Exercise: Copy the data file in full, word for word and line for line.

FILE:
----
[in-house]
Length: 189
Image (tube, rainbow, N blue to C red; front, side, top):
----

[in-house]
Length: 189
Image (tube, rainbow, N blue to C red; front, side, top):